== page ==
HELP LINE: Be thankful for what you know now

WE’RE ALMOST THERE.

“There” being Thanksgiving, which always puts me in a bit of a … bind.

See, everybody writes about Thanksgiving, and pretty much everybody will do it more eloquently than I.

Further, being who I am (which is the only person I have any hope of being), it’s highly unlikely that I’m going to go on about pilgrims, etc.

(Besides, I suspect that “pilgrims” might be a synonym for “immigrants,” which will only fuel the flames of somebody¸ so …)

So where does that leave me?

Well, the obvious go-to would be a recitation of all the things we should all be grateful for.

Of course, those kinds of things tend to get a little “preachy,” if not openly maudlin, then people tend to feel guilty if they’re not feeling thankful for this or that, then they tend to get mad and I end up worse off than I was before I said anything at all, so what am I to do? (It is all about me, you know …)

Well, if it is all about me, then what about … me? So, off I go to the mirror in search of Thanksgiving, and what do I see?

Certainly nothing to be thankful for: Just a grizzled old face that saw better days a lot of years ago (sigh) — but my best friend still loves me and doesn’t seem to mind.

I see artificial body-part enhancers, such as glasses (and more), and sigh again, but … I can see. And I can hear. And I can chew. And I can … I guess I’d prefer all those “cans” to all those “cant’s.”

For years, my standard response to, “How are ya?” has been, “Well, we’re warm and dry, we’re paying the bills and the cops ain’t lookin’ for us, so … we’re fine.”

Well, we are and we are and they aren’t.

I could live without the aches and pains and seemingly endless infirmities that seem to accompany not being dead.

And it seems that, because of all those things, I spend an increasing proportion of my time addressing, avoiding, preventing and/or mollifying said infirmities and I don’t have time. Well, actually, I guess I do. I mean, the fact is that I’m not dead, so I suppose it’s just a matter of re­arranging priorities, huh?

Doing this is more important than doing that, because if I don’t do this, I won’t be doing anything at all.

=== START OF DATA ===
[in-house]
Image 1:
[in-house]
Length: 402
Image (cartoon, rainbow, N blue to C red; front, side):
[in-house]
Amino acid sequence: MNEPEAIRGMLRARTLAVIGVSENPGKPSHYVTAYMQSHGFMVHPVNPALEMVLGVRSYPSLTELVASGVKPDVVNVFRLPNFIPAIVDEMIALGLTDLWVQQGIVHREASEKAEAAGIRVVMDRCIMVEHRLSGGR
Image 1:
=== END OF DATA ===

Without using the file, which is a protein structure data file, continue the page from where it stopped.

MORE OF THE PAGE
I didn’t used to know that.

Of course, what I did know was that I had a big, red “S” on my chest and was destined for immutable immortality, so just fly through the day and do the next thing and the next thing, etc.

And miss the journey, completely.

And that’s only one of the seriously stupid, unexamined attitudes that I took as gospel: What is true now will be true forever. Sigh … no, it isn’t, but I guess that’s something you can only learn from the journey, right?

If I’d known then what I know now …

What happened to all the drama of those younger days? The meteoric highs and cataclysmic lows? All those self-induced soap opera entanglements and enterprises that just naturally accompanied that high-powered lifestyle?

Hmm … I guess I learned how to avoid them or not cause them and settle for a bit more … serenity.

I used to know it all, you know.

All you had to do was ask me. (Or, in some cases, never mind asking because I’d vault to the opportunity to tell you.) Oh, dear …

And from there, it’s easy to get to all those I-wish-I-hadn’t things I did that I should have had sense enough not to do. Things I would never do now. I was just so swept up in the sound of my own wheels.

So sure, so smart, so slick.

If I’d only known then what I know now. Geez! Well, OK, if we’re going to stand in front of this mirror for this long, we might as well go all the way: What about the I-wish-I-hads? Hmm … wow … not much.

Oh, sure, I might have tweaked this or that, but for the most part, not really much because if I had, I might not be “here,” and “here” is actually amazingly OK (once you take the time to notice).

Actually, “here” is pretty amazing.

If I just had a little more time in each day … to do what?

To waste more of it being busily busy, instead of savoring what there is?

What’s the point in that?

What, exactly, do I wish I had done? Well… hmm … hmm, again …

You know what? I think I’m living my “bucket list.” No kidding.

True, I’ll probably never go hang-gliding in the Himalayas or snorkeling in the Dead Sea and (truth be told) I’ll probably never get around to actually getting to Mardi Gras.

Why not? Well, probably for all of the same reasons that I haven’t done them up to now: mostly, just not that important.

Just not important enough to miss anymore of right now, right here — living my bucket list, until the next amazing thing comes along that will make me say, “If I’d only known then what I know now …”

So, here’s what I know now: Thank you.

Have a happy Thanksgiving.

________

Mark Harvey is director of Clallam/Jefferson Senior Information &Assistance, which operates through the Olympic Area Agency on Aging. He is also a member of the Community Advocates for Rural Elders partnership. He can be reached at 360-452-3221 (Port Angeles-Sequim), 360-385-2552 (Jefferson County) or 360-374-9496 (West End), or by emailing harvemb@dshs.wa.gov.

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